Breastfeeding with food sensitivities

WP_20150225_15_44_21_ProI always assumed I would breastfeed my kids, and I have. But I never anticipated the struggle I would have when one of them developed severe food sensitivities.

My son had been experiencing a variety of symptoms pretty much since birth, but I hadn’t put them together to realize they were all symptoms of a bigger problem. It wasn’t until we were still struggling to get his reflux under control and he stopped putting weight on did the pediatrician suggest we consider the possibility of food sensitivities.

Editor’s note: Breastfeeding research shows that infants do not typically develop food sensitivities until at least 3 weeks of age, and common types of food sensitivities depend on what geographic region you reside. Moreover, there are many possible causes with the same signs and symptoms as food sensitivities. If you are encountering a challenge with feeding your infant, contact your local IBCLC (International Board Certified Lactation Consultant), La Leche League Leader, WIC Breastfeeding Counselor or another accredited breastfeeding specialist.

I felt strongly that, if possible, breastmilk was the best option for our son and am fortunate to have a pediatrician that agrees with me. Even when our son was having issues putting weight on, she never wavered on her support of breastfeeding exclusively. Since it was not a supply issue on my end, supplementing with formula wouldn’t fix the problem, she said. My son has been exclusively breastfed, so it was determined that the culprit was something he was ingesting through my milk.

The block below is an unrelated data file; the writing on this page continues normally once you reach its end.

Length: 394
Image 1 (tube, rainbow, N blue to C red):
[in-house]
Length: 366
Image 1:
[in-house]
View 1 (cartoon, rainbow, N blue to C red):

It took some trial and error, but we finally figured out that our son has a severe sensitivity to milk and soy protein. It’s called Milk-Soy Protein Intolerance (MSPI). To manage it, I have removed any trace of milk and soy products from my diet. Once eliminated, it still takes up to 4 weeks for all traces to be out of my system. However, within a week, we saw such an incredible change in our son.

Almost all his symptoms have disappeared completely: no more congestion, the eczema on his face is gone, the reflux is under control, he gained weight, and he’s eating and sleeping better!

I don’t want to say it’s been difficult, but managing the food sensitivity has been a lot of work. I am constantly scanning labels to look for hidden dairy and soy and have started making almost everything we eat at home. Some days, I make multiple meals since my husband and daughter have no restrictions on their diet. Eating out has also become virtually impossible, and when we go somewhere, I always bring food for me and him to eat. You should have seen me sitting down to Easter dinner and taking out my own loaf of bread!

Regardless of the amount of planning, extra work or restrictions, it has absolutely been worth it. He is still experiencing the nutritional benefits and emotional connection that breastfeeding provides. Our son is thriving.

I’d be happy to share more information we have learned about this food sensitivity or share some allergy-friendly recipes we’ve discovered if you are having similar issues. Just write it in the Comments; I’d love to chat!